High-tech junk mail; La Crosse company weds digital, analog

2013-02-01T00:00:00Z 2013-02-01T06:12:50Z High-tech junk mail; La Crosse company weds digital, analogBy Chris Hubbuch | chubbuch@lacrossetribune.com La Crosse Tribune

Thousands of area residents will find some innovative deals in their mailboxes next week as a La Crosse company rolls out a high-tech use for an old-fashioned medium.

In a test partnership with Downtown Mainstreet Inc., Address Vision is sending out postcards with offers from a dozen local merchants.

Bring in the card and you can redeem one of the coupons. But scan the barcode with your smart phone, and you’ll have all 12 to use throughout the month.

Called mailScan, the technology is designed to enhance the value of bulk mail by bringing it into the digital age, said Christina Kiani, program director for Address Vision.

“Direct mail still has a real value for marketing,” Kiani said. “People look at it more than email.”

But instead of tossing it on the kitchen counter — or worse, the trash — Address Vision hopes the digital coupons will draw potential customers into stores, where they simply have to show the coupon on their phone to get a deal.

Address Vision is a software company that develops processing systems for high-volume mailing companies and postal services worldwide, including the U.S. Postal Service. Founded in 1984 as PostalSoft, the company was known as Firstlogic until its acquisition in 2007 by the French company Bull.

Given that investment in mail, Kiani said the company wanted to come up with a technology that would add value for its high-volume mail customers and help the U.S. Postal Service promote its product.

“These kinds of promotions are out there in an effort to make mail more valuable,” Kiani said.

Besides bringing in customers, mailScan also offers additional benefits to marketers, who can access information about the people who scan the barcodes. Even if the customer never makes it into the store, they know who’s looking at their ads.

The test mailing will go to about 6,000 residents of La Crosse and La Crescent who match the demographic likely to have smart phones and shop downtown, Kiani said, and will be the first real-world test of the technology.

Merchants, whose only cost will be the discounts they offer, were interested in the chance to try out a new venue.

Cathy Bauer, co-owner of Cabin Coffee Co., is offering a 14 percent discount on any drink.

She typically relies on non-traditional marketing techniques — hosting meetings or going out to special events — to bring in new customers and is intrigued by the social media aspect of the mailing as well as the chance to learn who is looking at her ad.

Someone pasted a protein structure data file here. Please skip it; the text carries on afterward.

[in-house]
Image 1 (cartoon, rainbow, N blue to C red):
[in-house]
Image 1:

“That was probably more important to me than the actual participation in the coupon,” Bauer said.

Diane Deml, marketing coordinator for The Board Store, said the business uses direct mail occasionally, but only to existing customers. She’s hopeful this mailing will bring in some new people for 25 percent off in-stock furniture and that the electronic feedback will tell her if there’s a group of potential customers they’re missing.

With first-class mail volume on the decline, the USPS is looking to packages and direct mail as its main growth sectors, said spokesman Pete Nowacki, and mobile barcodes are one of the new tools adding value to that mail.

One such application: The furniture maker Ikea has used the barcodes to offer customers a virtual tour of its stores.

“It’s kind of a way to make direct mail more valuable for the sender and the recipient,” Nowacki said. “That’s something we’re looking at all the time — ways to not necessarily battle with technologies but lock arms with them and find ways to make the two work together.”

Copyright 2015 La Crosse Tribune. All rights reserved. This material may not be published, broadcast, rewritten or redistributed.

(2) Comments

  1. tisme
    Report Abuse
    tisme - February 02, 2013 8:29 am
    It's called "junk mail" because the majority of people didn't even really look at it, much less even open it, and would just throw it in the trash. Thus, to us, it was "junk" only worthy of the trash. Our mailboxes via postal mail used to be filled with it. We got sick of bringing in a pile of mail that would end up in the trash. This has been going on for many, many decades. How old, or rather how young, are you to not know how the term came into being?
  2. springy
    Report Abuse
    springy - February 01, 2013 4:02 am
    You call it 'junk mail' in your title.. well, junk mail is simply advertising. Since your website is FULL of advertising, I guess your publication could be considered somewhat 'junk' too. I don't understand why it's called junk. It's simply business trying to generate more business via mail.
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